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Live Nation’s Michael Rapino Admits Some Ticket Fees ‘Not Defendable’

Live Nation CEO Michael Rapino admitted in a deposition that some of the fees Ticketmaster charges for the sale of tickets are "not defendable" and the the company needs a "simpler more artist…

Live Nation CEO Michael Rapino admitted in emails that some of the fees Ticketmaster charges for the sale of tickets are “not defendable” and that the company needs a “simpler more artist friendly policy/rule to meet the reality of today.” 

The admission follows decades of complaints about the fees Ticketmaster and other ticketing companies tack onto tickets, sometimes between 25-50 percent of face value. The comments were made public as part of an order released by a U.S. District Judge Dale Fischer, rejecting an application by Live Nation to seal or redact certain files and emails being entered into evidence in the 20-month-old lawsuit with Songkick that is set to go to court next month.

In a statement provided to Billboard, a Live Nation representative said the “documents cited indicate that Michael Rapino favored lower ticketing fees and changes to Ticketmaster’s Fan Club Policy that would benefit artists. We are at a loss to understand why that is a bad thing. The truth is that Songkick’s lawsuit has interfered with the natural evolution of these policies, harming both artists and fans.”

Judge Fischer told the court that some of the redactions are necessary to protect financial secrets, but others are simply there to censor information that is “damaging — or at least embarrassing, including quotes from high-level employees at Ticketmaster and Live Nation.”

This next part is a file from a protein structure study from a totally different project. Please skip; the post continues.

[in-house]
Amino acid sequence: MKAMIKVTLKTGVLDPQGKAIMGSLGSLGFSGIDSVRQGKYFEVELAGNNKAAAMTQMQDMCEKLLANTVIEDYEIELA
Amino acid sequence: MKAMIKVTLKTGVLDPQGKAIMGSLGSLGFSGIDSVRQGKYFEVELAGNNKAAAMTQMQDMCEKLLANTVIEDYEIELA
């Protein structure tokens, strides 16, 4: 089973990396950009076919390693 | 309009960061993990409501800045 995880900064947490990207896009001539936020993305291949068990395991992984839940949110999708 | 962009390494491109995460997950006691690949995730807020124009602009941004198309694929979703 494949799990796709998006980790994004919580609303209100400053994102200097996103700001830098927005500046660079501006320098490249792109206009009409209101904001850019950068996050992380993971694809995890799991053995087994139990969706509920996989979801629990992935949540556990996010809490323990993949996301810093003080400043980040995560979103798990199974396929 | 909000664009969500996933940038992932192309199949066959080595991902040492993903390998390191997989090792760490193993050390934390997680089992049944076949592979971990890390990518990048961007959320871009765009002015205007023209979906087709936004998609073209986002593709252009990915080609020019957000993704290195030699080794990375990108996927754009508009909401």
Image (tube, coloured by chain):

“The Court will deny without prejudice the remaining applications to seal evidence in the case,” Fischer said.


The news comes on the same day that Songkick founder Matt Jones announced that his company was officially shutting down. Billboard reported in July that the company was winding down its ticketing business and selling its music-discovery app to Warner Music Group as part of an intra-company transfer.

In a letter to customers, Jones laid much of the blame for the demise of the company’s ticketing business on its rivals, saying Songkick was forced to “bow to pressure from Live Nation and Ticketmaster and complete the shutdown of all ticketing operations” after Ticketmaster “effectively blocked our US ticketing business.”

Songkick is now suing Ticketmaster for unfair competition, interference and stealing trade secrets, alleging that TM’s Zeehan Zaidi and former Songkick employee Stephen Mead used old logins to access Songkick’s systems in order to misappropriate information


Songkick’s concert discovery app, which was sold to Warner Music Group in July, will continue uninterrupted under the WMG umbrella. 

“Our antitrust, trade secret misappropriation and hacking lawsuit against Live Nation and Ticketmaster will continue unabated,” Jones wrote. “As we prepare for our day in court, and even as we shutter our business, we will remain focused on pursuing a legal victory and making the live music industry better for artists and fans.”

Songkick’s investors, including WMG owner Len Blavatnik are hoping a victory in the case will help recover some of the $85-$90 million invested in Songkick.

Both sides will be back in court Monday at 2 p.m. Attorneys for Songkick are asking for sanctions against Ticketmaster’s lawyers after they handed over 4,000 pages of documents that had been flagged in an alleged FBI investigation, but had not turned over to Songkick until months after they were due. Shortly after the document dump, Zaidi and Mead quietly left the company.